But that’s not the sole dimension of the book—and if it were, it’d be as lame and reductivist as the bozo critics—and the contemporary Romantic Vampire genre—are. Dracula is southern/eastern Europe, nobility of the old blood-and-sword caste, sensuality, backwardness, and irrationality. The heroes of the book—Mina, the Englishwoman, three Englishmen, a Dutchman, and an American*—are northern Europe; educated modern professionals, gentry, a New Woman, and a cowboy; social and technological progress (remember, it was the equivalent of a techno-thriller); and rationality—both religious and scientific.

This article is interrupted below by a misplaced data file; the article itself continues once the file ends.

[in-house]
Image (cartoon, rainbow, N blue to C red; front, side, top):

It’s on these vertiginous oppositions that the whole book teeters—mostly successfully, I think. And—one more digression—it’s where Francis Ford Coppola’s Bram Stoker’s Dracula totally breaks down. He split Mina’s allegiance between the zero that is Keanu Reeves’ Harker and Gary Oldman’s swanky Dracula, since she’s supposed to be the latter’s reincarnated lost love, and in the end she helps redeem the Count as he’s destroyed. This is incredibly unsatisfying narratively, as it blows up the whole tension of the original book in which Dracula—embodying all these dark, spooky forces Victorians thought they’d banished to the margins of society—is actually a massive and terrible threat metastasizing in London and is destroyed only by brave men (and a woman) risking their lives. And even then, it’s a close-run thing. Instead, FFC’s BS’s D is a third-rate love triangle. Coppola wants it both ways: Dracula as loathsome monster, and romantic hero. I suspect this is the post-modern love of “complexity” getting in the way of coherent storytelling. Mina once explicitly sympathizes with Dracula as a pitiable hunted thing—though it’s arguable that this is because of Dracula’s telepathic link with her, though it’s certainly a rather Victorian sentiment.